When evaluating virtualization technology for their next design, developers may need to upgrade their processor to ensure that there is sufficient computing horsepower. The VMM introduces some transactional overhead (i.e., delay) when it switches context between host processes and guest OS processes, which can be minimized with a faster processor. Developers using virtualization to consolidate applications onto a single board may need the performance of a multicore processor to execute multiple workloads in parallel.
As previously discussed, virtualization helps prevent system failures by stopping harmful software interaction. However, equipment failures are inevitable, and it is important to get the equipment back online quickly. With the assistance of remote management, many system faults can be repaired without requiring an on-site technician.
Remote Management Improves Availability and Maintainability
Medical equipment manufacturers and healthcare IT professionals are experiencing an escalation in the number of systems they must support, including more mobile medical devices. They must ensure that systems are configured properly, run the latest security signatures, and repair them when they break. Remote management facilitates the repair of systems over an internal IT network as well as the Internet, enabling manufacturers to get systems online faster and at a lower cost than sending in an on-site technician. When on-site visits are required, remote management technology can help identify failed components in advance, which enables technicians to arrive with the right spare parts and fix systems quickly. Remote management also provides equipment manufacturers an opportunity to offer upgraded service packages based on faster-service response or more-
aggressive service level agreements.
Recent advances in remote management technology even allow devices to be queried, fixed, and secured when they are powered off or have software issues. Chip manufacturers can accomplish this by adding special circuitry to processors and chip sets to create an alternative, persistent connection between the equipment and the management console. This connection continues to operate when the OS, hard-disk drive, and CPU are not functioning.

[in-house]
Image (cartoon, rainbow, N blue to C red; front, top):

This technology also enables biomedical engineers to better manage the support infrastructure. They can remotely boot a device from a hard-disk drive on the network with known good software (i.e., a validated production version of the software with clean code), which greatly aids troubleshooting. The support infrastructure can also remotely reflash the BIOS, load new drivers, or load a new OS regardless of whether the system is running. With remote management, IT organizations can improve equipment availability and cost-effectively perform troubleshooting and security tasks.
Medical equipment manufacturers already offering management services, such as fixing systems, tracking intermittent failures, and running inventory reports, need to weigh the risks and rewards of integrating enhanced remote management technologies. In many cases, the new technologies can be integrated into existing products with relatively little software rework. Perhaps the bigger issue is measuring the rather subjective benefits and modeling the total cost of ownership improvement. Every customer values improved remote management options differently, based on their estimated cost savings for reduced service calls, downtime, and staff requirements for software updates.
Remote management can help ensure that systems are running the latest virus signatures, but what happens when an unidentified virus or piece of malicious software infiltrates the system? Hardware-based security technology can prevent any unauthorized software from executing, as described in the following section.
Hardware Protection Enhances Security
Healthcare environments must employ virtual private network (VPN) and encryption technologies to secure data that leave medical devices en route to networks and external storage devices. Today, it's necessary to use analogous technologies for data that are moving within a medical device to prevent security breaches. For example, while a medical system on the network boots, its security software isn't functional, which potentially puts the system at risk of malicious software accessing and abusing unprotected platform data.